Wednesday, 27 November 2013

Grey Shopping Warning

It’s that time of the year when many consume themselves into a life of shopping. So I thought this is the right time for me to contribute to Aussie consumerists' awareness through a personal story of mine. The story of how I did not get my Sennheiser Momentum headphones.
The thing about these headphones is that they are stupidly expensive. At the time they were generally selling at Australian shops for $450, although through careful shopping one could cut the price down to $400. However, it became clear through looking around that one can do much better through a grey import. That is, buying from someone who brought the headphones to Australia themselves, instead of through the official Sennheiser importer. In plain English this means buying from someone that made sure I got my hands on headphones originating from Hong Kong.
So off I went to the Internet, looking for a grey importer of choice. That, on its own, proved to be a pain. There are many price comparison websites and online shopping search engines out there, but all of them fail when it comes to price quotation. As in, I’d go into a shop that promises to sell me the headphone for $250 (hooray!), only to find they charge $150 shipping (boo!). And let us not discuss the inclusion of shops that will only accept such esteemed payment methods as Western Union money transfers. So yeah, a lot of work is required till a decent looking candidate is found.

I thought I found one in the shape of ValueBasket. They had a decent price on both product and shipping, they had a .com.au website, an Australian phone number and an Australian address. What could go wrong? As it turned out, a lot.
Two weeks after purchasing the item online I got my headphones delivered by courier. The matter of the two weeks wait aside, the problem was I did not get the headphones I ordered. You see, the Momentums come in two shapes: the original brown colored one, that no one wants to come nearby anymore, and the much coveted red and black one which I had ordered. Guess which color headphones was delivered to me?
Although I cannot prove it, I have a strong suspicion this was not an innocent mistake. Especially when my first query was answered by a “we would be willing to offer you a cleaning kit as compensation”. WTF is a cleaning kit and why would I want one?
Thus started an ordeal of emails and phone calls. After a week or so I thought I had a written agreement from ValueBasket which said I will return the headphones to their Australian address via Australia Post, and they will refund me for both the headphones and the return postage costs. I did my part the next day; ValueBasket certainly took their time with theirs.
After several weeks of emails that always got answered with refund promises but never an actual refund I was fed up. I filed a dispute with PayPal. Yet, how shall I put it? If I were you I would not put my trust upon the staff of this bruised reed that is PayPal.
First, PayPal could only return the funds I had paid through them, which means I was not able to ask for my return shipping costs. Second, and more importantly, it was clear PayPal never bothered reading my complaint in detail: even though by now I had returned the headphones and ValueBasket acknowledged it, PayPal came back to me insisting I provide proof of return. Further, they insisted the return costs are one me, a peculiar and bewildering call: what if, for argument’s sake, I had ordered a toothpick and ValueBasket sent me a battle tank instead? Would I have to return the tank at my own cost, too? Why should I pay the price of ValueBasket's [intentional, in my opinion] mistake?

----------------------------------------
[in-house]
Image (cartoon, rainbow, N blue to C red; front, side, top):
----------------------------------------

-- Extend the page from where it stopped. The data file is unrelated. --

Anyway, after a bit of bickering PayPal refunded me for my original payment. All that was left was for me to receive a refund for my return shipping costs back from ValueBasket, as per their original promise. Should be simple, shouldn’t it? Especially as we were talking $12?
Well, it wasn’t simple at all. It took almost two months and north of twenty emails from my direction till I got the promised refund. In the process I learned three important lessons:

  • First, I learned an Australian phone number is worthless when it clearly transfers you to some overseas call centre. Especially one that does not always bother to answer calls.
  • Second, I learned a physical Australian address does not really matter. When I looked to have Australian Consumer Affairs authorities involved, and had a deeper look into ValueBasket, it turned out that without an Aussie ABN there is not much that can be done in the way of enforcement. ValueBasket is not an Australian retailer and making it play Aussie Rules is difficult.
  • And third, I learned the only real weapon at my disposal was perseverance. It really did come down to me nagging ValueBasket to the death, which I had successfully done.

What should you take from account?
The lesson is to only deal with grey importers with good track record. While not everyone is as reliable as Amazon, grey importers tend to belong to the opposite end of the scale more often than not. Do your homework; if I had done mine I would have discovered many people complaining in various online forums about ValueBasket sending them the inferior version of the product they had ordered. I might have also noticed articles such as this one, warning consumers that a .com.au website does not in itself guarantee much.
Me, I am going to stick with reputable grey importers. Take Kogan, for example: their own products can be dodgy, no doubt about that; but as a grey importer of, say, Apple products, they are fine. At least until you need to make your warranty claim, an Apple iGadget is an Apple iGadget. Even if it comes with an aftermarket charger because Hong Kong uses different plugs to Australia.
Hope you will learn from my lesson. Happy consumption season!

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